Thursday, July 31, 2014

Global Young People's Convention and the Unity of the Church

The Global Young People's Convocation and Legislative Assembly (GYPCLA) took place a week and a half ago from July 16 to 20 in the Philippines.  More than three hundred attendees participated in the event, with just over 100 voting.  This was the third such meeting of United Methodist youth and young adults, previous convocations having taken place in 2006 and 2010.  While the story from the GYPCLA that received the most attention was the disruption of the meeting by Typhoon Glenda (see also here), that was certainly not the most significant story from the event.  In an earlier blog post, I wrote about the significance of having such a meeting.  In this post, I will follow up by examining an important resolution that came out of the meeting.

The GYPCLA was not just about fellowship and relationship-building.  As the name "Legislative Assembly" suggests, it was also a forum for young United Methodists around the world to propose and vote on legislation that the GBOD could forward to General Conference 2016.  Bishop Warner Brown of California-Nevada Conference and Pampanga Philippines Conference worker Joanne Valenzuela explain the legislative process in this video, and youth delegates Benjaim Musasizi of East Africa and Lee Rodeo of North Carolina share their views on their legislative work in this video.

The GYPCLA discussed legislation around numerous issues, but of course the issue of preoccupation, at least among American United Methodists, is the debate over the status of LGBT people in the church.  There, the youth and young adult delegates at the GYPCLA seem no less divided in opinion than the church as a whole.  On a vote to remove language declaring the practice of homosexuality "incompatible with Christian teaching" from the Book of Discipline, delegates split their votes evenly, 54-54.

Where the youth and young adults differed from some of the louder voices in the denomination was that although they were divided in opinion, they were not divided in spirit.  The GYPCLA did not spend extensive time in legislative wrangling on the issue.  They did not use a series of parliamentary procedure tricks or protest tactics to advance their agendas on the issue.  Instead, they listened to each other.  They discussed.  They prayed.  And, at the end, they issued a statement calling for unity instead of schism in the denomination, despite disagreements about LGBT issues, disagreements which they themselves also had.  The full statement of that statement reads:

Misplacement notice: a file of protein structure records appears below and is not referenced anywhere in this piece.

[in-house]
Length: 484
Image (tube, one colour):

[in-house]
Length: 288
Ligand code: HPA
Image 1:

Statement of Unity from the United Methodist Global Young People’s Convocation and Legislative Assembly held in Manila, Philippines:

“There has been increasing talk of schism of the United Methodist Church in recent months. Many say that the issue of homosexuality is so contentious that it will inevitably split our Church. We, as the young people of The United Methodist Church, would like to say that we do not desire a divided Church.

 “The Church that we have taken our places in is called to a ministry that includes so much more than this one issue. There are genuine, passionate perspectives on all sides of the issue and though we disagree, we have committed ourselves to loving, faithful discussion on this subject. Part of the beauty of our Church is that there has always been room at the table for a wide range of theological diversity within our connectional church family. As Wesley said, ‘May we not be of one heart, though we are not of one opinion?’

 “We urge everyone to seek solutions that promote our global unity as the United Methodist Church of Jesus Christ, rather than focus only on the issues that divide us, so that we may faithfully live out our mission of making disciples of Jesus Christ for the transformation of the world.”

By The Global Young People's Convocation & Legislative Assembly
Manila, Philippines

The GYPCLA is not unique in prioritizing unity and a variety of ministry foci over division on LGBT issues.  A recent survey of American United Methodists found that the vast majority had other ministry priorities than sexual politics and no interest in a schism.  The GYPCLA confirms and expands that finding, adding in youth voices and voices from around the world, voices which, as this blog has previously mentioned, are important to include in any discussion of the future of the denomination.  Decision-makers in the denomination would do well to listen to the voices coming out of the GYPCLA.

Tuesday, July 29, 2014

Global Young People's Convocation Gives Voice To, Shapes Global UMC Youth

The Global Young People's Convocation and Legislative Assembly (GYPCLA) took place a week and a half ago from July 16 to 20 in the Philippines.  More than three hundred attendees participated in the event, with just over 100 voting.  This was the third such meeting of United Methodist youth and young adults, previous convocations having taken place in 2006 and 2010.  While the story from the GYPCLA that received the most attention was the disruption of the meeting by Typhoon Glenda (see also here), that was certainly not the most significant story from the event.  This blog post and the following one will highlight two ways in which the GYPCLA was significant other than in its weather.  In this post, I'd like to focus on what's significant about having such a meeting, and Thursday's post will examine an important resolution to come out of the meeting.